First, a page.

Saturday, May 8, 2010

Van T. Barfoot's Next Battle

The following is from a letter sent to me by a friend:

Head east from Carthage
on Mississippi 16 toward Philadelphia .
After a few miles a sign says you're in
Edinburg . It s a good thing the sign's there, because there's no other way to tell.

On June 15, 1919, Van T. Barfoot was born in Edinburg -- probably didn't make much news back then.

Twenty-five years later, on May 23, 1944, near Carano , Italy ,
Van T. Barfoot, who had enlisted in the Army in 1940, set out
to flank German machine gun positions from which fire was
coming down on his fellow soldiers. He advanced through a
minefield, took out three enemy machine gun positions and
returned with 17 prisoners of war.

If that wasn't enough for a day's work, he later took on and
destroyed three German tanks sent to retake the machine
gun positions.

That probably didn't make much news either, given the scope
of the war, but it did earn Van T. Barfoot, who retired as a
colonel after also serving in Korea and Vietnam , a Congressional
Medal of Honor.

What did make news last December 2009 was a neighborhood
association's quibble with how the 90-year-old veteran chose
to fly the American flag outside his suburban Virginia home.
Seems the rules said a flag could be flown on a house-mounted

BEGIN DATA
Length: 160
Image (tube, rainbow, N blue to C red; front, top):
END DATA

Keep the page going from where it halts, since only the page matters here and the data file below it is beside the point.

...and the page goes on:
bracket, but, for decorum, items such as Barfoot's 21-foot flagpole
were unsuitable.

He had been denied a permit for the pole, erected it anyway and
was facing court action if he didn't take it down. Since the story
made national TV, the neighborhood association has rethought its
position and agreed to indulge this old hero who dwells among them.

"In the time I have left I plan to continue to fly the American flag
without interference," Barfoot told The Associated Press.

As well he should.

And if any of his neighbors still takes a notion to contest him, they
might want to read his Medal of Honor citation. It indicates he's not
real good at backing down.

Van T. Barfoot's Medal of Honor citation:

This 1944 Medal of Honor citation, listed with the National Medal of
Honor Society, is for Second Lieutenant Van T. Barfoot, 157th Infantry, 45th Infantry:

"For conspicuous gallantry and intrepidity at the risk of life above
and beyond the call of duty on 23 May 1944, near Carano , Italy .
With his platoon heavily engaged during an assault against forces
well entrenched on commanding ground, 2d Lt. Barfoot moved off
alone upon the enemy left flank. He crawled to the proximity of 1
machinegun nest and made a direct hit on it with a hand grenade,
killing 2 and wounding 3 Germans. He continued along the German
defense line to another machinegun emplacement, and with his
tommygun killed 2 and captured 3 soldiers. Members of another
enemy machinegun crew then abandoned their position and gave
themselves up to Sgt. Barfoot. Leaving the prisoners for his support
squad to pick up, he proceeded to mop up positions in the immediate
area, capturing more prisoners and bringing his total count to 17.
Later that day, after he had reorganized his men and consolidated
the newly captured ground, the enemy launched a fierce
armored counterattack directly at his platoon positions. Securing a
bazooka, Sgt. Barfoot took up an exposed position directly in front of
3 advancing Mark VI tanks. From a distance of 75 yards his first shot
destroyed the track of the leading tank, effectively disabling it, while
the other 2 changed direction toward the flank. As the crew of the
disabled tank dismounted, Sgt. Barfoot killed 3 of them with his